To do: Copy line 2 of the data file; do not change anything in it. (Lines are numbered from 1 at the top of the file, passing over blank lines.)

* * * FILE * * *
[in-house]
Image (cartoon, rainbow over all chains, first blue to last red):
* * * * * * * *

Image (cartoon, rainbow over all chains, first blue to last red):